February 19 - British London 2012 rowing champion David Smith has announced plans for a 29,000-kilometre charity bike ride that will see him become the first Paralympic athlete to cycle around the world.
The 34-year-old, who won gold in the mixed cox four alongside James Roe, Naomi Riches and Pam Relph with cox Lily van den Broecke at the Paralympics, plans to take in more than 30 countries when he leaves from his home nation in June to venture through Europe, Asia and the Americas to raise money for a charity that helps injured servicemen, while raising awareness of the Paralympic Movement.
Smith is also inviting others to join him as during his ride for Coming Home and a host of other charities he will have a GPS tracking him so that people can sign up to cycle beside him to use the event to raise awareness and funds for a cause of their own choice.
"It would be really great if people could come along and raise money for their own charities, and just use the cycle as a platform," Smith said.
The athlete is hoping to get other Olympians and Paralympians involved when he passes through their hometowns, and especially when he passes through cities that have or will host the Paralympic Games.
"That would be a real dream of mine - every time we pass through somewhere there could be me and an Olympian and a Paralympian," Smith explained.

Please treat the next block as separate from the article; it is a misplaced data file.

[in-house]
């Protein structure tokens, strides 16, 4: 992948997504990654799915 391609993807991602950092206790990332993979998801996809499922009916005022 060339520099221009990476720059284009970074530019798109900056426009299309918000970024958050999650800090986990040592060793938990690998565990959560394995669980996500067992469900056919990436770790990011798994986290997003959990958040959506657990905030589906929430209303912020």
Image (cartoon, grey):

"I think that would provide a great platform for future Games."
Smith is hoping he will be in full health in time for the ride having suffered a series of problems since London 2012.
He is also seeking sponsors and organisations to help him out as he is currently planning everything on his own.
"I think every athlete has that in their makeup, that when they want to go for something they go 100 per cent at it," he said.
"If it does happen, then it will become a massive dream come true.
"I'm doing everything I can, but I'm doing it all on my own right now and it's pretty hard work."
Smith explained how winning his event at Eton Dorney has inspired him to help build a legacy for the Paralympic Movement and said: "To win gold was obviously an amazing moment, and to experience everything after the Games and what the Games had done to the country as far as legacy and inspiring people - I think they really delivered.
"It was a massive moment to be part of what I felt like was a real big turning point for Paralympic sport.
"I think it really showcased to the UK and hopefully to all of the world that it is high performance sport and people are very passionate about it."
Smith has previously competed for Great Britain in able-bodied karate from 1993-1999 and bobsled from 2002-2008 before a routine MRI scan found a tumour close to the size of a tennis ball on Smith's spine in May 2009 – he has been unknowingly living with the tumour for almost 10 years.
Surgery to remove the growth left his spinal cord severely damaged.
The round-the-world bike ride is being planned to begin exactly three years to the day when he first set foot on a bike during his rehabilitation period, at which point he could not pedal for more than 30 seconds at a time.
Although his friends and family were initially shocked at his idea for the challenge he says they quickly changed his mind and now support him wholeheartedly.
"I think that they can pick up on my passion for it," Smith added.
"It inspires them already without even me being on the bike yet."
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